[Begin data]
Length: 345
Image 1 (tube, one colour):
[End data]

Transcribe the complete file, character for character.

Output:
Length: 345
Image 1 (tube, one colour):